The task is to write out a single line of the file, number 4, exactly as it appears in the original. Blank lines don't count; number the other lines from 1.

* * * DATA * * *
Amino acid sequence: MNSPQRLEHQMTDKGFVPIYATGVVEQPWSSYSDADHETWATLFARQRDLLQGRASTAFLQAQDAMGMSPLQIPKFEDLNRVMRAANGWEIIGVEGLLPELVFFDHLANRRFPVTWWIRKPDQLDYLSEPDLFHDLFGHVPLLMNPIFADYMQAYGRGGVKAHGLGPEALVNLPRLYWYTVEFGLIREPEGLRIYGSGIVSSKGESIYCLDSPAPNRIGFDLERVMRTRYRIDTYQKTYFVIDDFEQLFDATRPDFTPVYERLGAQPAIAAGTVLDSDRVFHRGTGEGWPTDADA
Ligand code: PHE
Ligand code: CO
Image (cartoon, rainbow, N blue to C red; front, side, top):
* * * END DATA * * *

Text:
Image (cartoon, rainbow, N blue to C red; front, side, top):